Where are we going, dad? has led to a development of an entertainment industry, which is impressive for most people because in China not one TV show has had so much influence and made such a difference as this one. However, such success also raises some questions, such as why has China not developed its own original programme? As a TV show imported from South Korea, people can easily associate it with other popular entertainment shows, such as The Voice imported from the Netherlands, The Super Brain (Deutschlands Superhirn) imported from Germany, etc., for they are all imported from overseas. Perhaps, in addition to importing, how to make a better original programme should be a main concern for producers today. Another question the show brings up is about children, is it reasonable to put children in the public eye, prematurely exposing them to public attention? It is still to be carefully considered whether we should encourage these fledgling birds to participate in the games of the adult world.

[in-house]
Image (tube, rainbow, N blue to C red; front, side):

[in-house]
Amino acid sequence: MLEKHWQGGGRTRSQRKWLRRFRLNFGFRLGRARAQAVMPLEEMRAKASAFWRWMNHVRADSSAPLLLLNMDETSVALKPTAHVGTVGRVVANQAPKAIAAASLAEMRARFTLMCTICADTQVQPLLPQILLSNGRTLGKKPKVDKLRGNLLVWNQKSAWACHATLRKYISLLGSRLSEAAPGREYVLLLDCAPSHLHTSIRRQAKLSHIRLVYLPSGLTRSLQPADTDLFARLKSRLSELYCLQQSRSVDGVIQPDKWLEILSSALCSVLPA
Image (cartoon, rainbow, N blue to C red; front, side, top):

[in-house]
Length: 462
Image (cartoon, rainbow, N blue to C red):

The show has become a brand or a symbol. It has had a positive effect on business, education, and even culture in Chinese society. With so much positive feedback and little media criticism, no wonder that Jiang Tingting (蒋婷婷), the media critic, once said “Where are we going, dad? is a programme with no negative evaluation.” Today in China, the majority is speaking highly of Where are we going, dad? For it has brought profit to the Chinese entertainment industry and joy to Chinese society. And most of all, it had made viewers re-think the relationship between parents and their children, as well as how to teach children. It is certainly an enlightening TV show since it has raised questions and has made the audience think; undoubtedly a product with huge economic benefits, for it has already generated millions of RMBs for the local TV, film makers and sponsors; a science education film with realistic appreciation, because it teaches many young parents how to treat their kids properly; and a show that really makes you continually keep eyes on it.